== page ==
• Nausea

Potassium

There is an abundance of available data supporting the fact that potassium is an essential element for human life as well as a blood pressure suppressor. If you don’t have enough potassium in your diet, you may experience an increase in your blood pressure, compromised kidney function, or even a stroke.

Although it remains unknown exactly how potassium lowers blood pressure, over 16 trials reported its effectiveness in lowering blood pressure. Your body’s potassium levels are largely regulated by the kidneys, and potassium itself plays a role in maintaining your fluid and electrolyte balance as well as your body’s overall pH level.

Too much potassium can have negative repercussions, especially if you’re suffering from kidney disease. People with end-stage renal disease often require dialysis to remove excess potassium from their system. Indicators of high potassium levels include nausea, a general feeling of weakness, a slow pulse, and numbness. Once again, there is no correlation between salt and high blood pressure.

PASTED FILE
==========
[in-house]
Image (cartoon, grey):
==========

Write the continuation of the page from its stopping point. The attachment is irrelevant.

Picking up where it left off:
As with the other nutrients mentioned, its best to obtain potassium from food sources. Foods high in potassium include

  • Leafy green vegetables
  • Nuts
  • Beans
  • Whole grain foods

The Heart Effect

Consuming too much salt and high blood pressure have become synonymous with heart conditions, yet salt may have given a bad rap. In fact, it seems far more likely that high blood pressure is attributed to a combination of factors that, under normal circumstances, may be entirely unrelated. Whatever the reason for your high blood pressure, one thing seems certain, it has the potential to affect your cardionomic circuit, or more specifically the sympathoadrenal system (SAS) of your autonomic nervous system (ANS). These two systems are also influenced by the NEM stress response system. Although the NEM system is responsible for dealing with stress, chronically high production of the stress hormone cortisol—triggered by chemical messengers traveling to the adrenals via the ANS— may not only lead to adrenal fatigue but could also have devastating effects on your blood pressure and heart health.